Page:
Bill allowing secretary of state to postpone town meetings passes N.H. Senate

  • Loudon resident Chuck Cormier trudges through the snowstorm and back to his truck after voting at Loudon Town Hall on March 14, 2017.

  • More than a foot of snow covered the Monadnock Region, delaying town meeting and elections in 2017. Monadnock Ledger-Transcript file

Monitor staff
Thursday, March 08, 2018

A year after a blizzard plunged New Hampshire towns into election pandemonium, the state Senate passed a bill allowing the secretary of state to postpone town meetings and elections in cases of extreme weather.

Senate Bill 438 would give the secretary of state’s office the ability to grant a postponement in two situations: when the governor declares a state of emergency that covers the town and when the moderator requests it directly. In both cases, the secretary of state’s office would maintain discretion, but if it doesn’t respond in four hours, the town may postpone the election anyway.

The bill would cover any situation with “imminent serious threat to public health or safety.”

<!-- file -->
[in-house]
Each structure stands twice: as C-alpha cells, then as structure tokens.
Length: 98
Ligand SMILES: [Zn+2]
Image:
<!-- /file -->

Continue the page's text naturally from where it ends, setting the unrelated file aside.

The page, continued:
Supporters said it would clear up confusion, which was on full display last year when around a third of towns in the state decided to postpone their elections due to a blizzard. At the time, the secretary of state’s office stated that the towns had no authority to do so; Gov. Chris Sununu said he agreed, but announced there would be no penalties for the towns who had decided to do so.

“(This would) provide clarity for municipalities should they need to postpone in the future,” said Sen. Regina Birdsell, R-Hampstead.

In SB 2 towns, the bill also allows the moderator to postpone a deliberative session – the “meeting” portion of town meeting – up to 24 hours before it is scheduled to start if they think the roads will be hazardous or unsafe. That authority comes without the need for state permission.

Explaining the discrepancy between meetings and elections, the purpose clause states that elections are easier. Though the bill provides the new protocol, it stipulates that “postponement of elections in New Hampshire has been and should remain extraordinarily rare.”

Some, such as Sen. Martha Fuller Clark, objected to the bill’s mitigating language, arguing that moderators should be afforded wider discretion.

But Minority Leader Jeff Woodburn, D-Whitefield, called the bill a compromise between competing centers of power. “It balances local control with state mandate, feudalism with state control,” he said.

The bill moves to the House after passing the chamber, 16-8.

(Ethan DeWitt can be reached at edewitt@cmonitor.com, or on Twitter at @edewittNH.)